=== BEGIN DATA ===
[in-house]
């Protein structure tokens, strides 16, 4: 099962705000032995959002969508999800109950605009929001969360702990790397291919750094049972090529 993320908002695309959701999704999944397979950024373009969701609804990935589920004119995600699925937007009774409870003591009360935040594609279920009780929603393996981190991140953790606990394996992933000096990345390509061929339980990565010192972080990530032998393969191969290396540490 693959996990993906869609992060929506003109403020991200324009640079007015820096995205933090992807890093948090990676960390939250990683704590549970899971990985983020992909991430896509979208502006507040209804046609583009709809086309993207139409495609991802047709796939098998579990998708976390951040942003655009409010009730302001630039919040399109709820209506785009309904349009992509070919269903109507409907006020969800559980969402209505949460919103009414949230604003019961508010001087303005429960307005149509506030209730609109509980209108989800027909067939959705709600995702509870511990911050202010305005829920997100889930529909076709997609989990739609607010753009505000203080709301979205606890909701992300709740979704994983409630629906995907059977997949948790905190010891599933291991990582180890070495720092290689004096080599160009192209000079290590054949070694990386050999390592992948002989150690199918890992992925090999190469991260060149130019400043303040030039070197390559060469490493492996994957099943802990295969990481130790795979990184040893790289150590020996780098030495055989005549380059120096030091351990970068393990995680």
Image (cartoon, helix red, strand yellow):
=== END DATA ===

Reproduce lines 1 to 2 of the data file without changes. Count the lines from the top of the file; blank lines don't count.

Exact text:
[in-house]
């Protein structure tokens, strides 16, 4: 099962705000032995959002969508999800109950605009929001969360702990790397291919750094049972090529 993320908002695309959701999704999944397979950024373009969701609804990935589920004119995600699925937007009774409870003591009360935040594609279920009780929603393996981190991140953790606990394996992933000096990345390509061929339980990565010192972080990530032998393969191969290396540490 693959996990993906869609992060929506003109403020991200324009640079007015820096995205933090992807890093948090990676960390939250990683704590549970899971990985983020992909991430896509979208502006507040209804046609583009709809086309993207139409495609991802047709796939098998579990998708976390951040942003655009409010009730302001630039919040399109709820209506785009309904349009992509070919269903109507409907006020969800559980969402209505949460919103009414949230604003019961508010001087303005429960307005149509506030209730609109509980209108989800027909067939959705709600995702509870511990911050202010305005829920997100889930529909076709997609989990739609607010753009505000203080709301979205606890909701992300709740979704994983409630629906995907059977997949948790905190010891599933291991990582180890070495720092290689004096080599160009192209000079290590054949070694990386050999390592992948002989150690199918890992992925090999190469991260060149130019400043303040030039070197390559060469490493492996994957099943802990295969990481130790795979990184040893790289150590020996780098030495055989005549380059120096030091351990970068393990995680």